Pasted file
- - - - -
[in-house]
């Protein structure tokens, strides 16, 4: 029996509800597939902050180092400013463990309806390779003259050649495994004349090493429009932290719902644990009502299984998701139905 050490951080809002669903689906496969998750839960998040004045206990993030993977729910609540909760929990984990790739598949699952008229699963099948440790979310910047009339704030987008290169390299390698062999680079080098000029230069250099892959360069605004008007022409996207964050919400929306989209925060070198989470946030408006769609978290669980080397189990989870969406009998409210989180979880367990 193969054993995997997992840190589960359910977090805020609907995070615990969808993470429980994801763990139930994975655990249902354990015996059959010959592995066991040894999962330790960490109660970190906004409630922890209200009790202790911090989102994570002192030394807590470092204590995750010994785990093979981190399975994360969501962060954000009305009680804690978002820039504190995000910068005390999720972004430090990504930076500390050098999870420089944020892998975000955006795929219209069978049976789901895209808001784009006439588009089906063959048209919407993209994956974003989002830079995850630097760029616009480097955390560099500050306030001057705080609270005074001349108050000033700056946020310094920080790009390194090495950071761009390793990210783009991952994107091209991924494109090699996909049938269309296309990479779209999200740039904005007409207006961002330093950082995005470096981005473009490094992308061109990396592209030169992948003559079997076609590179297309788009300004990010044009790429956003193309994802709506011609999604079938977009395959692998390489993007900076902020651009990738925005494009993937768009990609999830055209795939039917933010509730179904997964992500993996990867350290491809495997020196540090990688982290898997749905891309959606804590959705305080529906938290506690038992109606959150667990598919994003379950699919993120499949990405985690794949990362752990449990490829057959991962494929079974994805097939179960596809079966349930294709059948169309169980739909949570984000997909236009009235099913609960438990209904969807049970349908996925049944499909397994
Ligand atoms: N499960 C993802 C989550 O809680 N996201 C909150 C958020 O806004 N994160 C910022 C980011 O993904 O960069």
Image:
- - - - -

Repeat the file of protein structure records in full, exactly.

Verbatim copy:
[in-house]
């Protein structure tokens, strides 16, 4: 029996509800597939902050180092400013463990309806390779003259050649495994004349090493429009932290719902644990009502299984998701139905 050490951080809002669903689906496969998750839960998040004045206990993030993977729910609540909760929990984990790739598949699952008229699963099948440790979310910047009339704030987008290169390299390698062999680079080098000029230069250099892959360069605004008007022409996207964050919400929306989209925060070198989470946030408006769609978290669980080397189990989870969406009998409210989180979880367990 193969054993995997997992840190589960359910977090805020609907995070615990969808993470429980994801763990139930994975655990249902354990015996059959010959592995066991040894999962330790960490109660970190906004409630922890209200009790202790911090989102994570002192030394807590470092204590995750010994785990093979981190399975994360969501962060954000009305009680804690978002820039504190995000910068005390999720972004430090990504930076500390050098999870420089944020892998975000955006795929219209069978049976789901895209808001784009006439588009089906063959048209919407993209994956974003989002830079995850630097760029616009480097955390560099500050306030001057705080609270005074001349108050000033700056946020310094920080790009390194090495950071761009390793990210783009991952994107091209991924494109090699996909049938269309296309990479779209999200740039904005007409207006961002330093950082995005470096981005473009490094992308061109990396592209030169992948003559079997076609590179297309788009300004990010044009790429956003193309994802709506011609999604079938977009395959692998390489993007900076902020651009990738925005494009993937768009990609999830055209795939039917933010509730179904997964992500993996990867350290491809495997020196540090990688982290898997749905891309959606804590959705305080529906938290506690038992109606959150667990598919994003379950699919993120499949990405985690794949990362752990449990490829057959991962494929079974994805097939179960596809079966349930294709059948169309169980739909949570984000997909236009009235099913609960438990209904969807049970349908996925049944499909397994
Ligand atoms: N499960 C993802 C989550 O809680 N996201 C909150 C958020 O806004 N994160 C910022 C980011 O993904 O960069």
Image: